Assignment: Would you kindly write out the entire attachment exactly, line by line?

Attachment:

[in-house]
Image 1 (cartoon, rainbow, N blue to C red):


[in-house]
Image 1 (cartoon, rainbow, N blue to C red):